The 11th Marine Expeditionary Unit and Japanese forces are about to kick off a large-scale joint exercise at a time of heightened tension with North Korea.
The 13th iteration of joint exercise Iron Fist starts Friday in California and will last for one month. The U.S. and Japanese forces will train in the use of “amphibious vehicles, combined arms and amphibious doctrine,” said 2nd Lt. Tori Simenec, a spokeswoman for the 11th MEU.
The Iron Fist exercise comes amid tension with North Korea, but it is not in response to any country or particular threat, Simenec said. The Marines have conducted this joint exercise with Japanese forces since 2006.
“As we continue to conduct training exercises with the Japan Ground Self Defense Force, the goal is to develop forces capable of working in close coordination and able to respond to any crises in the Pacific region,” Simenec told Marine Corps Times.
Sabre rattling and public spats between President Trump and North Korean leader Kim Jong Un have put Japan and the Korean peninsula on edge.
In early January, the two leaders traded public barbs over the imaginary size and effectiveness of each country’s respective nuclear button. Trump tweeted that his button was “much bigger” and “more powerful.”
In November North Korea successfully tested its most advanced intercontinental ballistic missile known as the Hwasong-15 that some analysts believe is capable of hitting anywhere in the continental U.S.
In response to a question from Marine Corps Times about any changes to this year’s itinerary in response to the North Korean threat, Simenec said: This exercise is a chance for “Japan Ground Self Defense Force and the U.S. Marine Corps to share expertise in the use of amphibious vehicles, combined arms and amphibious doctrine.”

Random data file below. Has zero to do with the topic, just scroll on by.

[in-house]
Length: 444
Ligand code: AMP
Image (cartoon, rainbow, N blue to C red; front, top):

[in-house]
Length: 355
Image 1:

From the 11th MEU, participating units include 1st Battalion, 4th Marine Regiment; Combat Logistics Battalion 11; and elements from 3rd Marine Aircraft Wing; 3rd Assault Amphibian Battalion; and 1st Reconnaissance Battalion.
The year’s Iron Fist will also be the last joint exercise before the official establishment of the Amphibious Rapid Deployment Brigade in March, according to Simenec. The new Japanese unit has been likened to U.S. Marines, and analysts contend the purpose of the brigade is to defend the Senkaku Islands contested by both China and Japan.
Training will take place at Marine Corps Base Camp Pendleton, Naval Amphibious Base Coronado and Naval Auxiliary Landing Field San Clemente Island until February 12.
“This multilateral amphibious training exercise between the U.S. Marine Corps and the Japan Ground Self Defense Force provides Marines and sailors valuable training with warriors from another culture, and builds camaraderie between the U.S. and Japanese forces,” Simenec said.